The question to be asked prior to approaching the top mark is: What are my top priorities when rounding?Depending on the wind the answer will be different:
- In light air you want to go for clear air and speed. There is nothing worse than being buried under a pack of boats you have just passed on the upwind. Especially in light air there is no way to escape. Avoid big risks in light air.
- In moderate air the chance for recovery is significantly larger. A more daring approach becomes doable. The first consideration must be which side of the reach is advantaged? Do you want to go high or low? Where are the puffs coming from? The differences in speed are much larger than in light wind, so the chance to make a big gain or to recover from a poor position after the rounding is much better.
- In heavy air safety becomes most important. In big fleets there is always a bit of a mess around the marks. Either the crew has problems controlling the boat or an experienced crew gets into trouble with a boat out of control or even capsized. You do not want to hit anybody neither do you want to capsize. As all boats are fast in strong winds you can gain a lot of metres and also lose them.
The position in which you depart the weather mark is more important than the timing and position when you approach it. Plan ahead. A top mark rounding is nothing that comes out of the blue.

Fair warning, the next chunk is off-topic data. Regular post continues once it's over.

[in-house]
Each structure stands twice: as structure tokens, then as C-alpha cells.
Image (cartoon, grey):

In general there are four different options to approach the top mark:
Option 1: Approaching the top mark on the port layline. This is a high risk approach. When you meet other boats coming from the starboard layline you have to give way (read Part 2 in the RRS 2017-2020 and also check out our article about the RRS).
Option 2: Approaching the top mark on the starboard layline. This is the safe version. But also not the one you can gain a lot when behind as you line up together with lots of other boats and can just follow.
Option 3: Approaching the top mark coming from the left side of the course (outside the three boat length zone). You might be able to tack under boats coming from the right or maybe find a hole you can sneak through and tack after. This approach is not as risky as Option 1 and there is a higher chance to gain than in Option 2.
Option 4: Approaching the top mark coming from the right side of the course (outside the three boat length zone). As in Option 3 you are between the laylines and there are several options. You can find a hole you can sneak through. This approach is not very risky. Bear in mind that you still have to do two tacks before you can round the mark.
Option 3 and 4 are definitively better when there are shifty conditions. An early layline call makes you vulnerable to a wind shift. When it is a one side-takes-it-all race you will always try to be the first boat on the layline of this side. Though you might want to tack earlier to avoid dirty air in case you are not the first boat. In this situation you have to decide if the advantage of hitting the one side hard is greater than it costs to stay in dirty air following other boats up the layline to the top mark.